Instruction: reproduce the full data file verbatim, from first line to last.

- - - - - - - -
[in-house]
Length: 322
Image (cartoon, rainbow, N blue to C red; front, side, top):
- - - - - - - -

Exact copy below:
[in-house]
Length: 322
Image (cartoon, rainbow, N blue to C red; front, side, top):